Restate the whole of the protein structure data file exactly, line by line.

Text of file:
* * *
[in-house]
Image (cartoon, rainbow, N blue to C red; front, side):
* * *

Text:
[in-house]
Image (cartoon, rainbow, N blue to C red; front, side):